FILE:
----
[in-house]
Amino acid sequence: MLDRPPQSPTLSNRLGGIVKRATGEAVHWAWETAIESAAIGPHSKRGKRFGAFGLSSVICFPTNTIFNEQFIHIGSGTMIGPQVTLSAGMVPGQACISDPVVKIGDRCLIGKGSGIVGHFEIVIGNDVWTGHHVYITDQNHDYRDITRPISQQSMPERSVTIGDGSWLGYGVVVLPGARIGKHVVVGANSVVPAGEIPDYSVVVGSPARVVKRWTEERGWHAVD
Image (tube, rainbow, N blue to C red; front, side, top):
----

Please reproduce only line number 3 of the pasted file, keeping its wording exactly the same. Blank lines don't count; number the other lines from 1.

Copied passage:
Image (tube, rainbow, N blue to C red; front, side, top):